Integrated Operations

ERP systems offer benefits to CGD firms

The adoption of efficient solutions to enhance the service delivery mechanism and minimise disruptions in gas flow has become a crucial part of the operations of a city gas distribution (CGD) entity. CGD operators across the globe have been adopting new technologies to ensure a safe, convenient and reliable natural gas supply to customers in the domestic as well as commercial sectors. Of late, there has been an increasing focus on integrating the different functional domains of a CGD utility. In this regard, an increasing number of CGD firms are taking up enterprise resource planning (ERP).

Features of an ERP system

An ERP system integrates information and processes from all functional divisions of an organisation, thereby providing easy access and a structured workflow. This level of integration can be achieved by creating a single database repository that can communicate with various software applications and provide different departments with business statistics and information. Overall, an ERP system integrates the external and internal flow of information across an organisation.

Need for ERP

The business complexity of CGD operators increases due to various internal and external factors. The major ones include the limited period of market exclusivity, regulated margins, the capital intensive nature of the business and the requirement of high uptimes for pipeline infrastructure to ensure uninterrupted gas supply. As the margins depend on overall operational efficiency, this translates into a CGD firm’s need for ERP. An ERP system can help a CGD utility commence operations early, minimise costs, achieve high utilisation rates, carry out predictive maintenance and optimise overall performance.

An integrated technology system helps a firm achieve high profitability and operational efficiency. These objectives require the provision of infrastructure to support system growth; the centralisation of CGD operations for easy data acquisition and evaluation; enhanced employee productivity due to greater user friendliness and automation of operations; the standardisation of vital data elements; easier information flow across the firm; the improved reporting of accurate data with increased accuracy and timeliness; and the easier regulatory compliance of various components of an operational system.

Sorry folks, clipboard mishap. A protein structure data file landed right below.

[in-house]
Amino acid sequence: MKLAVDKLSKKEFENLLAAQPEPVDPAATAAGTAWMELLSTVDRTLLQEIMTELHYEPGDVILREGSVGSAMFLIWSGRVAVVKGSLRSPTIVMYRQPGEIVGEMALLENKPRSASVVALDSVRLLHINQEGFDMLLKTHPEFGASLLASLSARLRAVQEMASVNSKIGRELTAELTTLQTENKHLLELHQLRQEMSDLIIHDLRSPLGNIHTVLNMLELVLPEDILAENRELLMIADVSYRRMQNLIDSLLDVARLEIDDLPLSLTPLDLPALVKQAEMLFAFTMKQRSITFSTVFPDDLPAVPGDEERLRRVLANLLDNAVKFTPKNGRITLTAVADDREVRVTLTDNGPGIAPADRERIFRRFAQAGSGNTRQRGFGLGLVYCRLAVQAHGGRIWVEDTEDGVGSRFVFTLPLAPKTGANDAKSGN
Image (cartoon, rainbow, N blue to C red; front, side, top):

Implementation of ERP

The implementation of ERP solutions by CGD operators in India is bound to facilitate business process integration and streamline information for speeding up decision-making processes. These solutions are implementable at a predictable cost and time, and help achieve improved inventory management, reduce transportation expenditures, increase sales and reduce day sales outstanding. CGD operators who have put ERP solutions in place include GAIL Gas Limited, Gujarat State Petroleum Corporation Limited, Gujarat Gas Company Limited and Assam Gas Limited.

The implementation of ERP involves the following processes:

  • Pre-evaluation screening: This process involves screening out those business processes in the firm that are not aligned with its business objectives.
  • Package evaluation: This involves selecting the most suitable ERP package.
  • Project planning: In this phase, implementation strategies are decided, including time schedules and deadlines.
  • Gap analysis: Through this process, firms create a model illustrating their current as well as desired positions.
  • Re-engineering: Human factors, such as the changing job responsibilities of employees, are taken into consideration in this phase.
  • Customisation: The ERP package is tailored to suit the organisation’s business processes.
  • Training the implementation team: The company trains its employees in system implementation and operations.
  • Testing: During this phase, tests are conducted to check for problems, errors, etc.
  • Operation: This is the final stage where the ERP system is made available to the entire organisation.
  • End-user training: In this phase, training is provided to end-users.
  • Post implementation: This is the maintenance phase where trained employees tackle post-implementation challenges.